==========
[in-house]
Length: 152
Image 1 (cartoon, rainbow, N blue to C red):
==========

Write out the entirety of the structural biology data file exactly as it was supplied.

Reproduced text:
[in-house]
Length: 152
Image 1 (cartoon, rainbow, N blue to C red):